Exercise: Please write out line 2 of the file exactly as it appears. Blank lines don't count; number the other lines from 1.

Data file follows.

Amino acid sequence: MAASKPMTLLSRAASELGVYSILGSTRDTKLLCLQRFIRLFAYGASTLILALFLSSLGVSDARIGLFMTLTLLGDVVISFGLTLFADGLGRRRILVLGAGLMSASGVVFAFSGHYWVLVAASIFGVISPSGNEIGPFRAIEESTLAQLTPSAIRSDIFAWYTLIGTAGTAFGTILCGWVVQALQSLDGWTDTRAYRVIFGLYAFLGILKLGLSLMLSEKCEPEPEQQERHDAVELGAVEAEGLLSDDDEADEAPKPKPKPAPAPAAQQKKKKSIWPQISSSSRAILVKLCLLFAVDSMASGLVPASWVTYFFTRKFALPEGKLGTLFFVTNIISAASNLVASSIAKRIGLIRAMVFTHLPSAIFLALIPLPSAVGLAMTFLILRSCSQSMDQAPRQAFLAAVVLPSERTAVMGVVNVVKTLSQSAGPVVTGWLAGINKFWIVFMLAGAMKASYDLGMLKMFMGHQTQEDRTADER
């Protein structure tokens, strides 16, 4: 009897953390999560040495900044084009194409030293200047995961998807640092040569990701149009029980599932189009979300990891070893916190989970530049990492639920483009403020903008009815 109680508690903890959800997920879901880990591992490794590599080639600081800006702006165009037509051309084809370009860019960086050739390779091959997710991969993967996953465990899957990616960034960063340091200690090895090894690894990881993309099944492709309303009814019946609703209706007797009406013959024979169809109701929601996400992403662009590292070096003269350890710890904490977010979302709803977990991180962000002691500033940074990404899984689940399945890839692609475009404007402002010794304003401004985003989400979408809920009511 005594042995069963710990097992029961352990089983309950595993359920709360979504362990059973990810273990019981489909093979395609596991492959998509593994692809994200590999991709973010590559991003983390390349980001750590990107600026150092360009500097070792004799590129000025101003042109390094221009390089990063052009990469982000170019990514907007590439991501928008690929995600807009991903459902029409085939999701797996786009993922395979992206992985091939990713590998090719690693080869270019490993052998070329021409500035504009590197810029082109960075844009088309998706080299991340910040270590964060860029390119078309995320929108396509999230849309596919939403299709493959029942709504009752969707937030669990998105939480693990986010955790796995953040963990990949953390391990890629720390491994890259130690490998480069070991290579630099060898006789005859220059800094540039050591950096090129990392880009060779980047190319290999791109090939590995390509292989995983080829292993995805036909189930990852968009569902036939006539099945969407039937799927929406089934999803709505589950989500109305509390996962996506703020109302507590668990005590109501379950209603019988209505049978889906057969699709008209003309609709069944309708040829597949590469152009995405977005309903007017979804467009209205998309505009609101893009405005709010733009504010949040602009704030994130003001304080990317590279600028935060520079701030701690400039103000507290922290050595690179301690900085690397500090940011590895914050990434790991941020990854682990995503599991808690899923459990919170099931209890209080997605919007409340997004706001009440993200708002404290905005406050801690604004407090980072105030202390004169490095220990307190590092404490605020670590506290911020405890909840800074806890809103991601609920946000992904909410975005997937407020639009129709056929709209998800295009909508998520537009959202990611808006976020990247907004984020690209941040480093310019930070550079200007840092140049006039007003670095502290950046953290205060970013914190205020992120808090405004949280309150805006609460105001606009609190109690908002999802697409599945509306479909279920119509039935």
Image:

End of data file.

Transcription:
């Protein structure tokens, strides 16, 4: 009897953390999560040495900044084009194409030293200047995961998807640092040569990701149009029980599932189009979300990891070893916190989970530049990492639920483009403020903008009815 109680508690903890959800997920879901880990591992490794590599080639600081800006702006165009037509051309084809370009860019960086050739390779091959997710991969993967996953465990899957990616960034960063340091200690090895090894690894990881993309099944492709309303009814019946609703209706007797009406013959024979169809109701929601996400992403662009590292070096003269350890710890904490977010979302709803977990991180962000002691500033940074990404899984689940399945890839692609475009404007402002010794304003401004985003989400979408809920009511 005594042995069963710990097992029961352990089983309950595993359920709360979504362990059973990810273990019981489909093979395609596991492959998509593994692809994200590999991709973010590559991003983390390349980001750590990107600026150092360009500097070792004799590129000025101003042109390094221009390089990063052009990469982000170019990514907007590439991501928008690929995600807009991903459902029409085939999701797996786009993922395979992206992985091939990713590998090719690693080869270019490993052998070329021409500035504009590197810029082109960075844009088309998706080299991340910040270590964060860029390119078309995320929108396509999230849309596919939403299709493959029942709504009752969707937030669990998105939480693990986010955790796995953040963990990949953390391990890629720390491994890259130690490998480069070991290579630099060898006789005859220059800094540039050591950096090129990392880009060779980047190319290999791109090939590995390509292989995983080829292993995805036909189930990852968009569902036939006539099945969407039937799927929406089934999803709505589950989500109305509390996962996506703020109302507590668990005590109501379950209603019988209505049978889906057969699709008209003309609709069944309708040829597949590469152009995405977005309903007017979804467009209205998309505009609101893009405005709010733009504010949040602009704030994130003001304080990317590279600028935060520079701030701690400039103000507290922290050595690179301690900085690397500090940011590895914050990434790991941020990854682990995503599991808690899923459990919170099931209890209080997605919007409340997004706001009440993200708002404290905005406050801690604004407090980072105030202390004169490095220990307190590092404490605020670590506290911020405890909840800074806890809103991601609920946000992904909410975005997937407020639009129709056929709209998800295009909508998520537009959202990611808006976020990247907004984020690209941040480093310019930070550079200007840092140049006039007003670095502290950046953290205060970013914190205020992120808090405004949280309150805006609460105001606009609190109690908002999802697409599945509306479909279920119509039935």